Volume 2, Issue 42
October 15, 2009

How to diagnose and
treat thyroid problems

Last week, I told you that thyroid problems are the most mis-diagnosed conditions I see. That's because they typically don't show up on blood tests. But there is a reliable way to diagnose thyroid imbalances. And, fortunately, the way to diagnose it also provides the treatment. Let me explain...

As you may know, there are two thyroid hormones: T3 and T4. Doctors can measure these in the bloodstream. The usual range for T4 found in the general public is from 0.8-1.5 ng/dlý. For T3, it is 1.4-4.4 pg/ml. You can see that there's a large difference in the low and high levels of these hormones. If you have blood levels in the lower range, your doctor will still say your levels are normal. But if the amount of hormone your body requires is in the upper range, then you're not getting enough of the hormone. Yes, your levels are normal. But they aren't optimal. This is one reason why you should not completely rely on these blood tests to diagnose hypothyroidism.

There is another hormone called TSH (thyroid stimulating hormone) that doctors often measure. TSH is not a thyroid hormone; it's a pituitary hormone. And because of this, TSH levels are a very poor indicator of actual thyroid function. Many studies have shown that people with documented hypothyroidism have normal TSH levels as often as 15% of the time.

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If you can't totally rely on T3, T4, and TSH blood level measurements, how can you determine your thyroid function?

The most sensitive and accurate way to diagnose hypothyroidism is the basal metabolic rate (BMR). This is the standard doctors developed more than 50 years ago. You can't determine BMR with blood testing. Instead, you have to use Bio-Energy Testing. You can find a description of Bio-Energy Testing in any of my books, or on my website. The BMR is a direct function of thyroid hormone activity. Therefore, a decrease in the BMR is a very strong indicator of thyroid hormone deficiency — even when the blood tests are in the normal range.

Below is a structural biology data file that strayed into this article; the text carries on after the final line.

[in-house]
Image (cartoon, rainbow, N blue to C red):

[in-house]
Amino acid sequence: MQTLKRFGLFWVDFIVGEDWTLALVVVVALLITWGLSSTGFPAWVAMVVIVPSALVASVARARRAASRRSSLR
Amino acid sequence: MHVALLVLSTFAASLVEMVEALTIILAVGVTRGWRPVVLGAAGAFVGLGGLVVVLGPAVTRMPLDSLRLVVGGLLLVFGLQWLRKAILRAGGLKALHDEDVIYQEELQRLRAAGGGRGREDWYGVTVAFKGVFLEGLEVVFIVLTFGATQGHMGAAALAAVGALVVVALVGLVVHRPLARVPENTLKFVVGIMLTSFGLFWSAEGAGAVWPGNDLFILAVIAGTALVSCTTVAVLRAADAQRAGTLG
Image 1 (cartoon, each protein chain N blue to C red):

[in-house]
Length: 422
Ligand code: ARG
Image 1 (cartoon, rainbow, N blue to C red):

In fact, according to the results of a 2005 study published in the European Journal of Clinical Nutrition, the BMR is a much more reliable indicator of thyroid hormone deficiency than blood testing. In this study, the researchers found that thyroid hormone levels did not reflect the BMR in the majority of these people.

This study shows why doctors mis-diagnose thyroid problems. If blood tests are the only test your doctor uses, he'll likely miss the diagnosis. And, since most doctors rely entirely on blood tests, this makes it the most commonly missed diagnosis in medicine.

The bad news is most people don't have access to my Bio-Energy Testing. The good news is there are two other ways to diagnose the problem.

  • The first is the symptom pattern. Certain symptoms indicate a thyroid hormone deficiency. The most common ones are dry skin, water retention, fatigue, depression, menstrual problems, weight problems, and high cholesterol. Another common symptom is a morning under-arm temperature of 97 degrees or less (I have details on my website).

  • A second is simply using a clinical trial. That means simply taking the hormone if you have symptoms. If the symptoms improve, then you've confirmed a deficiency. And, even better, you've solved the problem.

So if you have symptoms of hypothyroidism, tell your integrative physician and ask him to prescribe thyroid medication. You'll likely see a huge difference in your health.

Finding your Real Cures,

Frank Shallenberger, MD

Reference:ÿ Meunier N, Beattie JH, Ciarapica D, et al. Basal metabolic rate and thyroid hormones of late-middle-aged and older human subjects: the ZENITH study. Eur J Clin Nutr. 2005 Nov;59 Suppl 2:S53-7

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